God had a perfect plan, and He executed it fully. “And it is perfectly proper for God to do this for us because Christ died to wash away our sins.” That was the sole purpose for Jesus coming to this earth.  He came to live among us as a human for 33 years, but ultimately He came to carry our sin to the Cross and defeat death and sin and provide victory for eternity.  It boils down to us being willing to admit we are a sinner.  We are.  Scripture is clear that all of us have sinned.  Just a quick glance around the world, or the room validates that truth.  But the positive result of faith in Christ – eternal life based on God’s gift of grace – can only happen when we admit our sin and take the step to have that forgiven through Jesus’ death on the Cross.  “If we claim we have not sinned, we are lying and calling God a liar, for he says we have sinned.” Are you lying to yourself?  We all need a Savior.  Are you sure of your eternity?

1 John 1:1-3

We’ll continue with John’s writings as we read through his work as translated in The Living Bible (TLB).  In 1 John 1:1-3  John gives us his pedigree in the faith and reminds us that he was there with Jesus. “Christ was alive when the world began, yet I myself have seen him with my own eyes and listened to him speak.” The beginning John wrote of is not the beginning of this world; nor is it the beginning of creation. It is the beginning of it all, the beginning there was before there was anything, when all there existed was God. Jesus was there for that, and yet, John tells us that very same Jesus came to this earth and became man and John was able to experience His life with Him.

It wasn’t a viewing from afar.  John was right there. “I have touched him with my own hands. He is God’s message of life.” Jesus has been audibly heard, physically seen, intently studied and looked upon, and personally touched.  He is the real deal.  But more than being a human, God sent Him to earth with a message of hope and life for all of us.  John’s words have the weight of eyewitness evidence. He did not speak of a myth, nor was it a matter of clever story-telling. He carefully studied the eternal One, and he knew what he was talking about.  Jesus came to bring life, and He did it through relationship.

God became accessible to man in the most basic way, a way that anyone could relate to. This eternal One can be known, and He has revealed Himself to us. “This one who is life from God has been shown to us, and we guarantee that we have seen him; I am speaking of Christ, who is eternal Life.” John makes the equation very clear: Jesus=eternal life.  There isn’t any more to it than that.  Guzik writes ‘the important things in life are not things at all – they are the relationships we have. God has put a desire for relationship in every one of us, a desire He intended to be met with relationships with other people, but most of all, to be met by a relationship with Him. In this remarkable letter, John tells us the truth about relationships – and shows us how to have relationships that are real, for both now and eternity.’ He points the way to Jesus and the eternal life that a relationship with Him will bring.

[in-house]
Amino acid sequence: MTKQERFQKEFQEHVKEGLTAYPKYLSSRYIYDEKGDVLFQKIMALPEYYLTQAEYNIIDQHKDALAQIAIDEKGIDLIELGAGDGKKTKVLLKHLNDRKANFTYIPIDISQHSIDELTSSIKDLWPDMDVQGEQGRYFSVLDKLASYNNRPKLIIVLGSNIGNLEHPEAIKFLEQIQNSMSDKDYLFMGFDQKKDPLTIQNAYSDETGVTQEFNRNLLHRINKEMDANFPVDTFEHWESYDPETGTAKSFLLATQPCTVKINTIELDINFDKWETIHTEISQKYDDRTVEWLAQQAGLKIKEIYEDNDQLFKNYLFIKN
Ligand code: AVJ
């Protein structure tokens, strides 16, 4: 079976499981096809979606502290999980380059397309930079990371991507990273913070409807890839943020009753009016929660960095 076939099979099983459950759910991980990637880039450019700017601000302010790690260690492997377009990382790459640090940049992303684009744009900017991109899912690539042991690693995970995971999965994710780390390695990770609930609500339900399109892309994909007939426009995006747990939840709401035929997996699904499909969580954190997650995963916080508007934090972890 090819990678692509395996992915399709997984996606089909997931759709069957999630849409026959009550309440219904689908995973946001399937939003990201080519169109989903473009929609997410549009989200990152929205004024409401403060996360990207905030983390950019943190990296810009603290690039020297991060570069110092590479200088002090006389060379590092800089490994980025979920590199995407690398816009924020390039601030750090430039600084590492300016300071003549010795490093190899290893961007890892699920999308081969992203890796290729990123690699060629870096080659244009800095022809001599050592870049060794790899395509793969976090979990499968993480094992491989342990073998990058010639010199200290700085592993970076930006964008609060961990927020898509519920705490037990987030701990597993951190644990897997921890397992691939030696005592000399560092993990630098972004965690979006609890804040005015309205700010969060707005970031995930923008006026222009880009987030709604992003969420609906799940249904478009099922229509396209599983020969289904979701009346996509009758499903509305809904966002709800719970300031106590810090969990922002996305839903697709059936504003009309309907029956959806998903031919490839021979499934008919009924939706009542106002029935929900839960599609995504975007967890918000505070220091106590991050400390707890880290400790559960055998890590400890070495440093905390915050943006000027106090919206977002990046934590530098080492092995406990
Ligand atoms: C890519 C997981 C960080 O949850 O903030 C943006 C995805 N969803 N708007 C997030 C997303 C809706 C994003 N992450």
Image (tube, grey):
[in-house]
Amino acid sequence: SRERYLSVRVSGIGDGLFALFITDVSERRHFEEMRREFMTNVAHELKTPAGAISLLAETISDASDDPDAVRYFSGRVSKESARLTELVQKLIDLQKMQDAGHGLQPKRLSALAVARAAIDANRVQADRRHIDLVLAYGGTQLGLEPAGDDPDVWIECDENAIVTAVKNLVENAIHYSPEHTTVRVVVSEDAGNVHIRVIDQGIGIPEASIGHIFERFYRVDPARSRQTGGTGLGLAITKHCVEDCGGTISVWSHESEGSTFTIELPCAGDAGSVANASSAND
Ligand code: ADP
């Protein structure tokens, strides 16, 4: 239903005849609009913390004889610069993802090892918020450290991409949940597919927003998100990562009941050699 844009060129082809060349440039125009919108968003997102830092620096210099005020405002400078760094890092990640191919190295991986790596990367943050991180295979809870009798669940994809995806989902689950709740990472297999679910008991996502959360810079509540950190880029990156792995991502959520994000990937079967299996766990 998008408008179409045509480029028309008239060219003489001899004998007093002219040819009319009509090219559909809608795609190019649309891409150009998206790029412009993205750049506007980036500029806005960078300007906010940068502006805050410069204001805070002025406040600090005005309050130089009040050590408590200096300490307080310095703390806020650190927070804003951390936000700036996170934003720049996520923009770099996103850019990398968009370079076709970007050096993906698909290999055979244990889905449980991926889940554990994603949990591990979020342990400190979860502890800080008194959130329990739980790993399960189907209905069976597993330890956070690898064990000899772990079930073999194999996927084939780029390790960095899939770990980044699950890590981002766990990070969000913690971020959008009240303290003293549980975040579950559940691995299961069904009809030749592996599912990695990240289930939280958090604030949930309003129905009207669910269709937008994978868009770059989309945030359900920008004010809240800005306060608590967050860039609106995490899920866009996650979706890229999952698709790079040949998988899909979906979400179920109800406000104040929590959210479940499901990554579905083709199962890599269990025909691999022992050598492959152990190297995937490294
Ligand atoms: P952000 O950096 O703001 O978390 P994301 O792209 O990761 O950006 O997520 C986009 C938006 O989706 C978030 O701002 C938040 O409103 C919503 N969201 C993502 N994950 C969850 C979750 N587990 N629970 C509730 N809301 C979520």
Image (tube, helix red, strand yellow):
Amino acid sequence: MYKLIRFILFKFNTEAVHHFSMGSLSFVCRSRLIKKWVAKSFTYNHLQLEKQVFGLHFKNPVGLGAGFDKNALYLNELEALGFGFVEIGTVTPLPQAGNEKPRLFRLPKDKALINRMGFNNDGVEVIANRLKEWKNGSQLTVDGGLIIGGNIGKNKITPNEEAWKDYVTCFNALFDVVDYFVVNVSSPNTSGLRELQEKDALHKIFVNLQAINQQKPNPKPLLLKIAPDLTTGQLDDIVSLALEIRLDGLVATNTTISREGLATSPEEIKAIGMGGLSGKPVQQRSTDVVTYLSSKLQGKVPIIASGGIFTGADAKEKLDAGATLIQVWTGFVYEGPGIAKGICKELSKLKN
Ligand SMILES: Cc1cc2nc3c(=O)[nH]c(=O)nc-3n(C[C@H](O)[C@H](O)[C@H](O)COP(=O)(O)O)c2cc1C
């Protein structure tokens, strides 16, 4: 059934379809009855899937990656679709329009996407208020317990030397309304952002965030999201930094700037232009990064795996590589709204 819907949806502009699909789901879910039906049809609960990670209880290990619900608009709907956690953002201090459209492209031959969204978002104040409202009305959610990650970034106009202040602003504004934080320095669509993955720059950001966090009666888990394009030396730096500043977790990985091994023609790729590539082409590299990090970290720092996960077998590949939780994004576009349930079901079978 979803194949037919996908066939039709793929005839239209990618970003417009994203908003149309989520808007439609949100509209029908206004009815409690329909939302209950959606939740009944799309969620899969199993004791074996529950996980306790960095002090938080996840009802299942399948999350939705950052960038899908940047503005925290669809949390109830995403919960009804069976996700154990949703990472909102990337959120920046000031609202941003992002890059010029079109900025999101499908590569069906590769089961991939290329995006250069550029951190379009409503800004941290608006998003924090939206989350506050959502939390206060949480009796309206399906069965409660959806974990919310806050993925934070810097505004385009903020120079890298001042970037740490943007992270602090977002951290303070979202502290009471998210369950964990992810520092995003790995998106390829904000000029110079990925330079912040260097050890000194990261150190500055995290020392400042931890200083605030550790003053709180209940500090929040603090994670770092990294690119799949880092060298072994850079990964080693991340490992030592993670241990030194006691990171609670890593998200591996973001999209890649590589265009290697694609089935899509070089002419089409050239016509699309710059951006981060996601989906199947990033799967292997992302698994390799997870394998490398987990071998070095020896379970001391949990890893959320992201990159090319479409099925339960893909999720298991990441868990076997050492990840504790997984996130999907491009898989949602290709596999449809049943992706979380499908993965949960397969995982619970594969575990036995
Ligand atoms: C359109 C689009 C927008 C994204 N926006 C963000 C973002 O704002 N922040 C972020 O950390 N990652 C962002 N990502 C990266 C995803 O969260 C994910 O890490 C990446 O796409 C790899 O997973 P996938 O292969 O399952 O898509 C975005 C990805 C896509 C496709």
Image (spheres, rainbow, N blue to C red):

John continues to testify to the reality of Jesus.  “He was with the Father and then was shown to us.” God didn’t just send a message of hope and salvation.  He sent His very own Son to this planet to bring to us the opportunity for eternal life.  It isn’t rocket science, it merely requires faith.  We can have eternal life if we meet and receive the gift of grace from God.  It’s ours for the taking, but we do have to take that step. “Again I say, we are telling you about what we ourselves have actually seen and heard, so that you may share the fellowship and the joys we have with the Father and with Jesus Christ his son.” We can share in the hope of eternity through Jesus.  Have you taken that step of faith?

John 4:42-47

John 4:42-47 has Jesus talking with the Samaritan woman and the people from her village who have come to see Jesus based on her testimony and invitation to ‘come and see’.  They’ve heard Jesus’ teaching, and believe He is the Messiah and Savior.  “They said to the woman, We’re no longer taking this on your say-so. We’ve heard it for ourselves and know it for sure. He’s the Savior of the world”!  They came to see Jesus based on her words, but they realized that salvation comes from a personal relationship with the Savior, and they have come to believe in Him and make that personal.  She did what was needed to get them to the Savior. He did the rest!

Jesus moves on.  “After the two days he left for Galilee. Now, Jesus knew well from experience that a prophet is not respected in the place where he grew up. So when he arrived in Galilee, the Galileans welcomed him, but only because they were impressed with what he had done in Jerusalem during the Passover Feast, not that they really had a clue about who he was or what he was up to”.  Galilee was Jesus’ country – where He grew up. Because those from His home area felt so familiar with Jesus, they did not honor Him the way they should have. The locals from His area were impressed but it was dependent on the wonders arising from their sight of the signs He had performed in Jerusalem, not on a realization that Jesus was indeed the Christ, the Savior of the world.

Jesus is in Cana, the place He performed His first miracle.  “Now he was back in Cana of Galilee, the place where he made the water into wine. Meanwhile in Capernaum, there was a certain official from the king’s court whose son was sick. When he heard that Jesus had come from Judea to Galilee, he went and asked that he come down and heal his son, who was on the brink of death”.  Jesus had made His home in Capernaum. Though Jesus was at Cana now in this chapter, the official travelled the 20 or so miles from Capernaum to Cana.  The situation is dire, and he came to beg Jesus to come heal his son.

This official believed Jesus could help because he knew that Christ had performed a miracle at the wedding.  Signs and wonders from God are obviously good things, but they should not form the foundation of our faith. We should not depend on them to prove God is alive and who He says He is. In themselves, signs and wonders cannot change the heart.  It requires us to have a personal relationship with the Savior, belief from our heart, not in what Jesus has done or can do, but in who He is and how He can change our hearts.  The official has faith in Jesus, not as Savior, but as someone who can do miraculous things.  That isn’t saving faith.